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COVID-19 drug | No approval yet for Indian companies to market remdesivir: Report

It is the only drug so far that has shown significant effect on patients infected with COVID-19.

June 03, 2020 / 09:00 AM IST

Indian pharmaceutical companies are yet to receive an approval to market remdesivir - the COVID-19 drug, the Business Standard has reported. It is the only drug so far that has shown significant effect on patients infected with novel coronavirus.

This comes despite the Indian drug regulator — the Central Drugs Standard Control Organisation (CSDSCO) — having granted conditional approval to Gilead Sciences to market the investigational drug.

Moneycontrol could not independently verify the report.

The conditional marketing authorisation for remdesivir was granted under an accelerated review process, considering the emergency situation and unmet medical needs in light of the novel coronavirus pandemic, Moneycontrol reported earlier.

Gilead Sciences' experimental drug Remdesivir has been found to aid in the recovery of COVID-19 patients.

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COVID-19 Vaccine

Frequently Asked Questions

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How does a vaccine work?

A vaccine works by mimicking a natural infection. A vaccine not only induces immune response to protect people from any future COVID-19 infection, but also helps quickly build herd immunity to put an end to the pandemic. Herd immunity occurs when a sufficient percentage of a population becomes immune to a disease, making the spread of disease from person to person unlikely. The good news is that SARS-CoV-2 virus has been fairly stable, which increases the viability of a vaccine.

How many types of vaccines are there?

There are broadly four types of vaccine — one, a vaccine based on the whole virus (this could be either inactivated, or an attenuated [weakened] virus vaccine); two, a non-replicating viral vector vaccine that uses a benign virus as vector that carries the antigen of SARS-CoV; three, nucleic-acid vaccines that have genetic material like DNA and RNA of antigens like spike protein given to a person, helping human cells decode genetic material and produce the vaccine; and four, protein subunit vaccine wherein the recombinant proteins of SARS-COV-2 along with an adjuvant (booster) is given as a vaccine.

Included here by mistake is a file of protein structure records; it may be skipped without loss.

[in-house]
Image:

What does it take to develop a vaccine of this kind?

Vaccine development is a long, complex process. Unlike drugs that are given to people with a diseased, vaccines are given to healthy people and also vulnerable sections such as children, pregnant women and the elderly. So rigorous tests are compulsory. History says that the fastest time it took to develop a vaccine is five years, but it usually takes double or sometimes triple that time.

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In India, the US-based company has licensing agreements for Remdesivir with four pharmaceutical companies — Cipla, Hetero Drugs, Jubilant Life Sciences and Mylan.

The newspaper report further suggests that firms have not yet approached the National Pharmaceutical Pricing Regulator (NPPA) formally to discuss pricing of the drug, which will be used on hospitalised patients.

Additionally, the Indian Council of Medical Research (ICMR), which will decide the dosage, it is yet to come up with an advisory.

It was also reported earlier that companies licensed to manufacture Remdesivir might have to sell it only to government institutions for now as the drug was still under trial.

Gilead Sciences is reportedly developing easier-to-administer versions of Remdesivir for COVID-19 that could be used outside of hospitals, including ones that can be inhaled, after trials showed moderate effectiveness for the drug given by infusion.

For critically-ill patients, Roche and Eli Lilly and Co are testing drugs in combination with remdesivir.
Moneycontrol News
first published: Jun 3, 2020 09:00 am

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